Complaints that certain Chevrolet Corvette sports cars might suffer from headlights going dark without warning are prompting an investigation by the National Highway Traffic Safety Administration (NHTSA).
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The Automotive Industry Creates Some Odd Bedfellows
Sometimes automakers have holes in their line-up bigger than Van Halen did in 1985. Due to a lack of time, resources or manufacturing facilities, the company looks for a quick fix. The solution? Grab a vehicle from another company that fills the void and rebrand it as their own. But like Wade Boggs in a New York Yankees uniform, these rebadged vehicles never look quite right. And, like any decision made by cobbling together bits and pieces from here and there, it doesn’t always work.
In the world of rebadging, Australian General Motors division Holden is king. The company will rebadge anything and everything for the Australian market. Since Holden could have a top ten list entirely their own, we’ll skip them. Instead, let’s focus on vehicles most in North America will recognise in either current or rebadged form. We are not talking platform engineered cars within a company or ones co-developed between two companies, but rather vehicle rebrand jobs that seem to come out of left field and are thinly disguised.
It’s Friday and another work week is slowly… drawing… to… a… close. Like Andrew Lloyd Webber’s epic musical CATS, this string of five days feels like it’s never going to end. At least people aren’t prancing around the AutoGuide offices in leotards and leg warmers. Meow!
When it comes to automotive styling numerous design trends are popular today, but future vehicles are guaranteed to look very different. Functional styling elements will likely play a bigger role in exterior design, things like integrated air vents and spoilers. Naturally vehicle interiors will receive major updates as well, but arguably government regulations are the most important things driving change. Ever-increasing safety and fuel-economy standards are impacting automotive design in major ways.
Affordable and Practical
When it comes to the most affordable hatchback, there’s quite a few options out there. Unlike the Honda GEAR concept pictured above (which could preview a new affordable subcompact for the Japanese brand) all the cars on this list are easily attainable, and are competitively priced. Our top ten is seperated by a slim $4,000 margin from cheapest to most expensive. Check out the whole list, and see which cheap hatchback is the right choice for you!
Fuel economy… who needs it? Luggage capacity, rear-seat legroom, creature comforts, they’re more overrated than all the bacon memes on Facebook put together and raised to the power of Justin Bieber. That’s one hell of a confusing math problem, but it’s true. Needless add-ons and frou-frou features waste more time and energy than a month-long filibuster in the U.S. Senate. Anyone up for reading the phonebook?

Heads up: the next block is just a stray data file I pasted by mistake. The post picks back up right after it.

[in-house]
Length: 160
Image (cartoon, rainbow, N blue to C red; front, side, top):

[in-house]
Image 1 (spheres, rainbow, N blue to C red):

Mid-size truck buyers have something to look forward to next year from General Motors, although it’s probably not what they would expect.
Trucks are big profit generators for automakers. The half-ton and heavy-duty pickup segments are probably the most fiercely competitive categories in the industry. Brands fight tooth and nail for every sale they can make. To move the metal they’re willing to leverage any and every competitive advantage no matter how small. Not surprisingly this winner-take-all mentality is delaying common-sense reform that benefits truck buyers.
There’s a new measuring stick for what constitues and “American” car this year and it gives the crown back to U.S. makers.
Once upon a time trucks were built for work. They had manual door locks, crank windows and AM radios, if they had any sound system at all. Leather seats, air conditioning and voice-activated distractions were out of the question. Like a framing hammer, pickups were simple and effective.
For decades they were purpose-made for hard-working men (and women), the kind of folks that make Paul Bunyan look like a dragqueen. But somewhere along the line these roughneck vehicles became cool with the subdivision set. People living in suburbia started to buy them en masse. With sales increasing so did the clarion call for more comfort.
Today it’s easy to push a simple truck’s window sticker well into luxury-car territory… and beyond. Sure, these vehicles can still handle a 14-hour day on the jobsite and are even more capable than their forebears, but more often than not they’re loaded with costly options that appeal to style-conscious shoppers rather than blue-collar workers. Here’s a list of 10 pricey pickups tailor-made for urban cowboys. The MSRPs are listed without incentives, so actual pricing may vary.